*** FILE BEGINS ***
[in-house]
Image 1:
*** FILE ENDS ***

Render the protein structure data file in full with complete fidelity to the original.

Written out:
[in-house]
Image 1: